Last month, my son came to me and said he wanted to transfer to a different college. He had done his homework. He had done research on the new school. He came to the conclusion that he truly wasn’t happy at his current university (W.U.) and wanted to go to P.U. in NYC.
We went through several rounds of ups and downs and downs and ups. First, came the rants that “I was an unsupportive mother.” That hit at my core (no wonder my yoga practice was suffering with my core under stress.) Next came the anger that I wasn’t taking him seriously. (My son D is always full of ideas. He actually has a more creative side than my daughter A. Naturally, I believe he gets his creative juices from my side of the family.) And finally, came the motherly breakdown (or the giving in stage of the process where he wore me down and I said I would agree to be a more supportive mother and listen to his P.U. proposal.)
“Okay, okay,” I finally said one day a few weeks ago. “If you are truly unhappy and you do all the work, I will go to NYC with you and see the school and assess the program. While I agreed to this venture, I knew in the back of my mind that my answer was going to be “no.” I did not give him the benefit of the doubt. In fact, at the time, I was almost 90 percent set against such a move.
And then two weeks ago, he got accepted to P.U. While I went into the process doubting that this was a good change, overtime, my doubts began to subside. “Was I not giving my son the benefit of the doubt?” (No, absolutely not – he was guilty and wrong until proven innocent.) “Was I not trusting his judgement on this school? (No, absolutely not, how could D, at 19 years old, know what was best for him. He hadn’t gone through enough experiences in life to know if this move was a good one or not.)
Then there were all the specific doubts, like how much was this school in the BIG CITY going to cost?
I doubted that they would accept many of his freshman credits. (I definitely doubted they would take all his credits and therefore, it would likely take longer than 4 years for him to graduate.)
I doubted the curriculum for P. U’s hospitality program. (He will have to get a business degree not a hospitality degree. How could this program be better?)
I doubted he would get housing as a transfer student. (Would he get a dorm room in the BIG CITY, especially as an upperclassman?)
Despite my many doubts. I decided to join him for a tour of the school and meetings with the various school administrators. The decision for Fall 2009 was fast approaching.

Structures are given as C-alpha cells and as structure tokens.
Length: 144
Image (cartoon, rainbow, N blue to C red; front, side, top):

So, last week, D and I jumped on the train to NYC. He scheduled the tour. He found the directions via subway (I was so proud of him.)
“Yes, we will take all his credits and there is still room in the upperclassmen dorms,” said the nice admissions counselor. (No doubt there anymore.)
“Yes, we have a small wonderful hospitality program and your son will gain lots of contacts in the industry. One of the core courses is taught by a leader from the Marriott Marquis and we do require internships too,” advised the head of the hospitality program. She seemed quite knowledgeable. (Again, another doubt had diminished.)
“No we won’t give your son any additional financial aid, but he is getting a significant grant,” said the financial aid advisor. (It is still going to be more expensive, but how much is my son’s happiness worth. I guess as a mother you could say it is priceless.)
“Do you still really want to do this?,” I asked D as we left P.U. and headed uptown to the train station home to N.J. (We stopped at the Momofuku Noodle Bar in the East Village between 10th and 11th Streets for lunch. It was sooooo good…very interesting ramen noodles. I highly recommend it.)
“I do, I do,” said D with a big smile. His face lit up. He was excited about making the change. He was courageous about making the change. He seemed fearless about making the change.
I thought about how much D has changed during this past year at W.U. I’ve always worried about him, but I realized that while he still has a lot more growing up ahead of him, he is ready for the BIG CITY change.
In some ways, I think it is me, his 50+ year old mother, who still has more letting go to do. Yes, all my doubts were satisfied during our visit to P.U. last week and it is now time for me to give the final ‘go ahead” and release D to the BIG CITY.
“I do hope he remembers all the steps to complete the process for his admissions,” I thought to myself yesterday as he began to fill out the acceptance forms. (Okay, I could not let go just yet. So, I wrote down all the steps he needed to take and told him to check them off – one by one. I wrote the steps – but it was his job to execute. And he did.)
Come September, my son D heads off to the BIG CITY (not too far from his sister A.) As for me, I’m sure I will learn to adjust and adapt to this new change. (I hope he will still answer the phone when I call him from Southern New Jersey to ask him how to turn on the DVD in my bedroom so I can watch a Blockbuster movie.)
I’m happy for him and very proud of him. It’s not easy to say your college choice the first time around may not have been the right choice. For that matter, it is not easy at any age, to admit you’re unhappy and have the courage to make a change – especially when your unsupportive mother is not giving you the benefit of the doubt. But he did it.
I’m impressed with his readiness and eagerness to embrace the newness of it all. I have no doubt he is up for the change. But, what about me? Am I ready for the next phase of emptynesterness? I’m going to give myself the benefit of the doubt and say ‘yes.’
Come September, I will ride through the narrow streets of Chinatown again, like I did two years ago when I moved my daughter A into the summer dorms at NYU. I will deliver my son to his new crib in the BIG CITY. And then I will drive away, knowing that he will be okay and so will I.